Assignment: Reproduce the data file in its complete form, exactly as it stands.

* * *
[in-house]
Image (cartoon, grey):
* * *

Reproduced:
[in-house]
Image (cartoon, grey):